“The answer is ‘before you sign it’, because you should have an exit strategy well defined. Shorter contracts can be seen as a carrot and stick. If the vendor doesn’t deliver in the first couple of years, you can start working on a structured transition.”
Jetstar has outsourced a lot of its information technology project and service delivery, which gives it the ability to react quickly when market conditions change.
“If the business wants to shut down projects, then I just turn the taps off and we’re back to raw business-as-usual levels,” Jetstar CIO Stephen Tame says. “You pay a little more for those services sometimes but it’s worth it for the flexibility.”
Contract management has typically focused on key performance indicators for things such as infrastructure availability, network traffic or the number of calls handled in a customer contact centre but Lafford says there has been a rise in the number of performance management clauses that use business metrics, rather than those based on technology. This puts the focus on business outcomes, instead of IT availability.
For example, Lafford says, a large North American airline approached Gartner wanting to change its contract metrics. A chat with the CFO soon made it clear that on-time departure was a key ways that the business measured performance because take-off and landing fees made it a real cost driver. Gartner helped it map all IT service provisions to every business process responsible for handling on-time departure. The company then rewrote supplier contracts along those lines.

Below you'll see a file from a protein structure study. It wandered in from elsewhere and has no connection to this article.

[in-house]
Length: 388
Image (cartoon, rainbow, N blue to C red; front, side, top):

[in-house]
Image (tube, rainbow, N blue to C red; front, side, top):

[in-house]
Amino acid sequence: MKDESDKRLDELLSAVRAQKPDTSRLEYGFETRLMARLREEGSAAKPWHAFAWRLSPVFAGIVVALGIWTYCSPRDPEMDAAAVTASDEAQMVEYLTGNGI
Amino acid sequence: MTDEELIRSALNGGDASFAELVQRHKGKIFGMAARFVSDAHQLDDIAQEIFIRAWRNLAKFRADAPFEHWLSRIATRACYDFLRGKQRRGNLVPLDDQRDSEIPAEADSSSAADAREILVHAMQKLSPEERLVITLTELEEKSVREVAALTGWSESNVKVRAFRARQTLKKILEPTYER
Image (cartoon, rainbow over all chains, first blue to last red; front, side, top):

Some organisations are also looking at relationships between IT suppliers and introducing operating level agreements.
“OLAs make vendors sign up for how they’ll govern relationships with each other, to the point where rewards and penalties can be shared,” Lafford says. “Buyers are becoming a little more informed about what is needed, not just to manage costs but also delivery and value from suppliers.”
Although the global financial crisis has brought challenges, NRMA Motoring & Services CIO Craig Gibbons argues that it has also swung the pendulum back in favour of information chiefs, both as employers and in negotiations with vendors.
The downturn has forced him to revisit his contracts and he makes no apologies for asking suppliers to lower prices. He says the market conditions will force a resetting of many vendor-client relationships to make them far more sustainable.
“Anyone in the vendor market now who doesn’t realise the need to listen to clients and understand them really well, instead of selling their products hard, is doing themselves a disservice,” he says.